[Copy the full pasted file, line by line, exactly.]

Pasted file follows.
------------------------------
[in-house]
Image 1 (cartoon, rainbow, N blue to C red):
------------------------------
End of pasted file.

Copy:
[in-house]
Image 1 (cartoon, rainbow, N blue to C red):